Unlike most of their targets, professional hunters are a very rare breed -- those few who are fortunate enough to receive pay for something millions of others do strictly for sport. Competition for such positions is fierce, and pay is often low for all but the most accomplished hunters. Often, compensation amounts only to free gear or travel to exotic hunting locales instead of a traditional paycheck, but reaching such a level also designates you as one of the most elite members of the trade, which, to some, is far more important.
What Kind of Hunter Are You?
You should first decide what type of game you wish to hunt based on seasonality, geography and your own personal interests. Do you prefer big game, small game, waterfowl, upland birds or amphibious creatures? Also, what type of weapons do you specialize in? Rifles, bows, shotguns or something else? Determining your expertise and then conveying that to others is essential in landing coveted assignments. The most commonly paid hunters include pro staffers who promote a specific brand of equipment -- particularly hyphenates like writers and videographers who can document their experiences. Also well-paid but less common are professional hunting guides and television hunting show hosts. A few hunters may even be able to thrive selling meat to farmers' markets or by working for the U.S. Fish and Wildlife Service to help with animal control.
The Application Process
Most organizations that hire pro staffers hold annual screenings in which they try to fulfill a particular need; this may include hunters with a lengthy resume, specific skills or experience tracking certain game. For instance, Drury Outdoors hires only hunter-videographers with a video resume and at least four years of experience, while Realtree seeks pro staffers who are well-spoken, well-written and highly educated. You should contact each organization directly to inquire about the application process. As an alternative, the U.S. Fish and Wildlife Service offers a simple online application that's open to the general public, with a variety of jobs posted all year round. Regardless of where you apply, be sure to play up your unique qualifications, skill sets, accomplishments, accolades and the passion you have for the outdoors.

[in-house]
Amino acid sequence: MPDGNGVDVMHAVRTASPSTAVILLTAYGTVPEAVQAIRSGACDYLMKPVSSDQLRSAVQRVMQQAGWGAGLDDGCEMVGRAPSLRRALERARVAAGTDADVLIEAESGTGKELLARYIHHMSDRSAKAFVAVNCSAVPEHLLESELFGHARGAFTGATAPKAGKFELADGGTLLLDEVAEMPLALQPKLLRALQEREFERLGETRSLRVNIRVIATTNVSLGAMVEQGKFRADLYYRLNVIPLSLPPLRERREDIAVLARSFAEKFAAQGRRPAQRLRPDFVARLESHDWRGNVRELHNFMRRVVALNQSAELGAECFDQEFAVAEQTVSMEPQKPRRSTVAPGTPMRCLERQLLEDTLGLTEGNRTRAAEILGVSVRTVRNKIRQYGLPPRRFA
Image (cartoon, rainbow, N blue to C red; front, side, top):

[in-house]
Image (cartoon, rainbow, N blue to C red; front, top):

Education, Certification and Memberships
Although not essential, a college degree in animal sciences or range and wildlife management may give you know-how and resources that set you apart from the pack. In addition, completing certification and hunter education courses offered by individual states can increase your desirability among employers. Many states offer both instructor-led classes and online self-study programs. These courses make you eligible for certain permits, train you on local wildlife, and teach you about codes and regulations for areas where you will be hunting. Membership in recognized hunting organizations is also beneficial, building credibility, knowledge and personal contacts that could help with a professional transition. Groups like Buckmasters, IPHA and the Rocky Mountain Elk Foundation are all well-known in hunting circles.
A Few Tips as You Search
Be willing to accept a lower position as a "shop shooter" or field staff assistant first. With some tenacity, you can eventually work your way up to a fully paid pro staff member. Don't be afraid to get out of your comfort zone, either. Be open to learning new specialties or areas of hunting that could increase your chances of getting work. Maybe learn an additional skill you can couple with hunting in order to increase your marketability, such as video editing, photography, butchery or taxidermy. Be active in your hunting organizations, as well, by volunteering to sit on boards, work event booths and mentor other members. In addition, use social media like Facebook and YouTube to gain exposure.